Hulu Launches Live and On-Demand HBO as $15 Per Month Add-On Option

CarlJ

macrumors 68030
Feb 23, 2004
2,967
4,507
0
San Diego, CA, USA
Everyone likes to talk about "cutting the cord" and whatnot... but I never hear any real numbers. :)
It depends a whole lot on what you want to watch. I don't watch a lot of "regular TV shows". I find my viewing needs 95% satisfied by Netflix ($10/mo), Hulu ($12/mo, "ad-free" which is mostly ad-free), and YouTube ($0 - plain old YouTube, not Red or TV). I'm willing to forgo the 5% I'm "missing", in favor of not having a subscription to one of the bigger costlier packages (and can always do things like... I went to a friend's house, who has HBO, and we binge-watched WestWorld together). Internet (Cox) runs in the vicinity of $80/mo for 100mpbs. So, for a little over $100, I've got enough internet to drown in, and most of the things I want to watch.
 
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vertical smile

macrumors 68040
Sep 23, 2014
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This. It went from cluttered-but-useful to sacrifice-everything-for-pretty. With a propensity for things like showing thin-stroked white uppercase text on yellow backgrounds. Which is nice unless, you know, you want to actually read the text, much less parse it quickly. And screens mostly devoid of information (lest it obscure the pretty background picture), so you can see maybe 3 or 4 titles (programs or episodes) at a time - it's like using an interface with blinders on (imagine if you were limited in the Finder on the Mac to windows that only showed a 2x2 grid of icons, and you had to endlessly scroll to find things).
This is a good description of some of the issues with Hulu and Netflix's UI on the ATV4. The apps are needlessly complex, but at the same time missing basic features. One of the feature that made the ATV3's Netflix app so great was the genres and sub-genres. Not too long ago, genres was added to the ATV4's Netflix app, but they are very broad, and not in sub-categories like the the ATV3 app. AN example would be Genres>Horror>Vampire Horror. This is one of many other issues with both Hulu and Netflix.

And what does it cost to get just internet from Comcast?
This will not be the same for everyone, but I switch back and forth every few months to a year between Comcast and FiOS. I do that to get the "New Customer Rates". I understand that I am very lucky to have more than one ISP available at my home, so I know not everyone can do this.

Right now, I am paying $39 a month for 25Mbps downloads from Comcast. I could pay an additional $20 more a month and get 200 Mbps downloads, but I find that 25Mbps to be adequate for my very stream-heavy family. I do not rent my cable modem.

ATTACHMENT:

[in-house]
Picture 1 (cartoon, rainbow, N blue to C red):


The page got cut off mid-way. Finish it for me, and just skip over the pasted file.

Everyone likes to talk about "cutting the cord" and whatnot... but I never hear any real numbers.
The problem with real numbers is that everyone situation is different. Some people are perfectly happy with the $8 Netflix account. Some people have to have sports channels. Some people would say that they must have the fishing channel (my brother), so they are forced/choose to buy one of the highest cable tiers.

I don't like the argument against cord cutting that it will be almost as expensive as cable. Even if that was true, you would still be save some money. But in many cases, it is what people choose not to forgo that ends up making the total costs of cutting the cord so high.

Another issue about cord cutting is the definition. It could mean so many things. Some people may consider cutting the cord as in no cable service at all. I personally believe that just getting an internet plan, with a bare-bones TV service included as cutting the cord. In many cases, it only costs a little more, and you can get a premium channel like HBO. Then you can get a streaming service like Netflix for most of your content viewing.

I consider it cutting the cord, because the customer is not buying the expensive cable tv tier that the Cable Companies are so used to their customers getting.

Also, a significant portion of many people's cable bills are the equipment rentals. IMO, one part of cord cutting is reducing/eliminating the amount of the equipment rental cost.

I'm willing to forgo the 5% I'm "missing
I think that is what it comes down to, what a cable cutter is willing to forgo. People could save a lot of money a month by having only internet and Netflix.

I personally get HBO and Showtime every couple months, either through my ISP/cable provider, or the apps. If it is from the ISP, I never pay full price, and many times, I pay $5 more for a lite-TV package with a premium channel. Add the family plan of Netflix, and the commercial-free Hulu, plus the Stars app every once in a while and my family never runs out of content. All while saving a significant amount of money over cable.
 

yanksfan114

macrumors 6502
Jul 30, 2011
302
814
0
Curious here...

What exactly are you getting for your $160 a month on Comcast? I'm guessing internet and some TV packages? Maybe a home phone included in the bundle?